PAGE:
Sunday, April 09, 2017

Paying for Privacy

So, my email inbox has been filling up over the last couple of weeks with (apparently unsuccessful) advocacy with respect to a vote recently taken by Congress repealing some incipient regulations on how ISPs treat their customers' web browsing data. I'm only a concerned citizen in these matters, not an expert, but as I understand it, Congress has removed ISP regulatory authority from the FCC and returned it to the FTC, the upshot of which is that Comcast, Verizon, AT&T, and (I assume, although their name never comes up) Time Warner / Spectrum are now free to collect the same customer data that Google and Facebook collect. You can read about this issue here and here.

Now, Google (for instance) offers its users extensive privacy "opt-out" settings. Time Warner, in contrast, offers no such settings that I can find. It does provide an opt-out webform request, and that only applies to its phone service, assuming that I'm reading it correctly. Otherwise, its customers have only their word that they will not disclose any of our "personally identifiable information". I'm hoping this means that Time Warner isn't letting the Dole company in on Φ's taste in banana pr0n, but I'm not really sure.

My attitude can best be summarized in this quote:

Privacy advocates draw a distinction between websites tracking their users and broadband carriers doing so. Websites generally rely on advertising revenue to survive and their services are basically provided free or at reduced cost in exchange for visitors watching ads. The carriers, on the other hand, charge whopping sums for their service and can track everything a consumer does online whereas a website can only record actions taken on that site.

Here is an analogy: it's gratuitously insulting (as it is intended to be) that next Sunday, the Google website will carry image of Cesar Chavez instead of our risen Christ. But then, I'm not paying Google for its blog-hosting either, and if I ever become sufficiently aggravated, it would be (relatively) easy for me to use somebody else's free blog-hosting service.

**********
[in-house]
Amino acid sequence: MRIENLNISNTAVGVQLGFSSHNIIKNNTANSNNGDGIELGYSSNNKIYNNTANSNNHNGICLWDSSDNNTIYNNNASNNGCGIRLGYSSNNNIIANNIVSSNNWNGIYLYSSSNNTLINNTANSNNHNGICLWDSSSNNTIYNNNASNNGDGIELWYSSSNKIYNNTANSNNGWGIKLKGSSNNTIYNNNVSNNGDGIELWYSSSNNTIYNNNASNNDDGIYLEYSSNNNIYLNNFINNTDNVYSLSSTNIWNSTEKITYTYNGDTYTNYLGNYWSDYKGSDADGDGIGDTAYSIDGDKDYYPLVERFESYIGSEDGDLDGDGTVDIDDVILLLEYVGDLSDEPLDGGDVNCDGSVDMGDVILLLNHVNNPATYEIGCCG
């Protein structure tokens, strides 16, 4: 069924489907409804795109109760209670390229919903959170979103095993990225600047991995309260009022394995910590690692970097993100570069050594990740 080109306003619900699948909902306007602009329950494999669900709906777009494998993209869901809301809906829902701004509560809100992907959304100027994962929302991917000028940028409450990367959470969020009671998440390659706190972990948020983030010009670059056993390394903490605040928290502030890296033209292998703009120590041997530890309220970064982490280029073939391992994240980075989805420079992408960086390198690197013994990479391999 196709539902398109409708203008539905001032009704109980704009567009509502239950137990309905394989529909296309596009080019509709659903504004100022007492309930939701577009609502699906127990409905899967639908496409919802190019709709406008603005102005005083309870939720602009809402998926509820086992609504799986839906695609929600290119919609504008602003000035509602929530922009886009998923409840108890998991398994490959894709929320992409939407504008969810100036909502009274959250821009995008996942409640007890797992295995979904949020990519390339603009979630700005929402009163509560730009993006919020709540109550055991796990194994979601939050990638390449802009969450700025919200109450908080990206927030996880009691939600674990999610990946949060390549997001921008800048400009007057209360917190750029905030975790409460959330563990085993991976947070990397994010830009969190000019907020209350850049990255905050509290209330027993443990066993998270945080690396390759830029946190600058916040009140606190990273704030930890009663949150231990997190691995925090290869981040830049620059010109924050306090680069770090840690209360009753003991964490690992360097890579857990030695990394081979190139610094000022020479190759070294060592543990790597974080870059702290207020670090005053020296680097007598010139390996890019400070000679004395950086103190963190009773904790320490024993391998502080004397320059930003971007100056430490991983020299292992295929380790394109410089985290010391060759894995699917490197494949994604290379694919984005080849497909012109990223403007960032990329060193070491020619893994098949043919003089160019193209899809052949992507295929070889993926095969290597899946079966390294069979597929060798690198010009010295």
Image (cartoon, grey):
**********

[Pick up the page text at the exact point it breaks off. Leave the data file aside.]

Microsoft, in contrast, occupies a near de facto monopoly on operating systems, its customers pay Microsoft directly for its operating system, and the path-dependence is such that switching operating systems is almost impossible. Given all this, I believe that Microsoft has no business putting this on my sign-in screen:

Did you catch it?

Clicking on one of those little tidbits opens up a website in your default browser:

My brief exploration of the YouthSpark site shows it to be mostly harmless. I don't think the drive to Get-More-Women-in-Stem, in and of itself, is likely to be especially productive, but that's not the point. The point is, <angry caps>I DIDN'T RENT YOU PROPAGANDA SPACE ON MY COMPUTER!</angry caps>. And I shouldn't have to go digging through my OS settings for the one that says, spare me your treacly bits of cause-o-the-day virtue signalling.

And so, Microsoft, if you're listening, know this: I'm done. I took these screen shots while doing the books on the Windows 10 computer at church this morning. The day you stop supporting the Windows 7 I use at home is the day I switch to Linux. I'm not paying you to hijack my screen saver for your own purposes, no matter what they are.

1 comment:

LDiracDelta said...

Ubuntu is great. Not at all like the Linux desktop experience from 2005 [he said from Windows cause he's still a sad gamer..] I love doing s/w dev in it at work.